It is generally supposed that Roman soldiers were paid in antoniniani, a coin worth two denarii (the tetradrachms were probably worth four denarii) first struck in silver by Caracalla but gradually also debased to billon. Antoniniani were struck all across the empire, not just in Syria, and would therefore be a good coin to use when traveling or, like soldiers, when at risk for reassignment to other provinces. Tetradrachms could work for local purchases, but antoniniani were a currency that was sure to be accepted everywhere. It is interesting, in light of that assumption, which has been accepted by so many historians, what archaeology can tell us about how these coins circulated.
There have been numerous digs in Syria, but two of the largest were the excavations of Dura Europus, a border garrison in eastern Syria, undertaken by Yale University, and the excavations of Antioch led by Princeton University. Interestingly, though the coins were minted at Antioch and would have, presumably, entered into circulation there as pay to local officials, not one of these coins was found in the excavations there. The excavations at Dura Europus, however, produced dozens of these tetradrachms, despite its distance from Antioch and the fact that much of the population of that site are believed to have been soldiers.
These facts of the archaeological record cannot tell us why there was this unexpected result, however there are two possibilities that we might consider. First, most coins found in excavations are those that were lost in casual use. They were dropped and not picked up by a later passerby. This means that most coins found in excavations are small, and usually dark-colored coins that would easily blend in with a dirty road or dark corner. In Antioch, tetradrachms like this coin may have been cleaner, fresh from the mint, and heavy enough that someone would notice that they had dropped them. As a result, few, if any, were left to sit in the dirt and be buried over the years. At Dura, the new, shiny coins would be those paid to the soldiers, the silver(y) antoniniani, which would be lost in far few numbers that the dull brown-green tetradrachms.
Second, it is possible that scholars have been mistaken in their theory that soldiers were only paid in antoniniani. A large number of tetradrachms suggests that there were many of these coins being used in Dura Europus, a military base. It is possible that they were being used to pay soldiers, since it was efficient to pay the legions in a coinage that would be immediately accepted in the province where they would be serving, and which was worth more so fewer had to be struck to pay them.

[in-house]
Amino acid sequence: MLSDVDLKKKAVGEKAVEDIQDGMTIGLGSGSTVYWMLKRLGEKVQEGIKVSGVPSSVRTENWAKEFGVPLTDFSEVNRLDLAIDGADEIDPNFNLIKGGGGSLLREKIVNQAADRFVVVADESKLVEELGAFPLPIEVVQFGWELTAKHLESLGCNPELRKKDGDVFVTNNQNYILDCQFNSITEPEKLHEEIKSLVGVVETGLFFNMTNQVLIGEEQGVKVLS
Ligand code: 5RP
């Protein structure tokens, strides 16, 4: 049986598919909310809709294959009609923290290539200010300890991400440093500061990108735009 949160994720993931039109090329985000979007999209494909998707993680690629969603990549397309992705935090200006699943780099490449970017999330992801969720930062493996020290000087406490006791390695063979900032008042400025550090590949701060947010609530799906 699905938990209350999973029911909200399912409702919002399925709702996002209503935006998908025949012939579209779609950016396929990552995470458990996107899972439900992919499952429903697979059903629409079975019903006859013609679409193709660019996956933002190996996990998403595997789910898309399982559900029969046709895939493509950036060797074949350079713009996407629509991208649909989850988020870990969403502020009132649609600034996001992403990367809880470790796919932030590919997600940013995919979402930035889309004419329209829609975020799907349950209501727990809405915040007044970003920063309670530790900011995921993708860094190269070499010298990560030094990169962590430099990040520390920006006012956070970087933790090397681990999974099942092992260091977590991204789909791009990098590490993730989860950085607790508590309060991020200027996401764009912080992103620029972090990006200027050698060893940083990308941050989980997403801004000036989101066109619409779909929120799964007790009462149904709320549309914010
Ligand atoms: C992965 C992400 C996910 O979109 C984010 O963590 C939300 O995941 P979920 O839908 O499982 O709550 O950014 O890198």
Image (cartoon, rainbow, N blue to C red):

Work is ongoing to test this second hypothesis, especially to see if enough tetradrachms might have been struck to pay the soldiers. A preliminary result suggests that as many as eight million tetradrachms may have been struck at Antioch during Decius’ reign. It is not yet clear if that would be enough to pay the legions, but that number can tell us that coins like this one were definitely used, spent, and traveled before they joined museum collections.
Consequently, a single coin like this one offers us an opportunity to talk about all kinds of issues. We can think about the ways in which a Roman emperor wanted and needed to be viewed, as well as the necessities that pressed upon him, like paying for an army. In conjunction with other coins we can think about circulation and spending, about how people used coins in antiquity. Finally, every coin makes up a piece of a greater economic picture. The tetradrachms of Antioch are part of a local picture, and can show us a highly monetized world, but one that focuses on the military and its needs. Working with these objects can shed light on all kinds of issues of the region and the period, and in this case one that needs all the illumination it can get.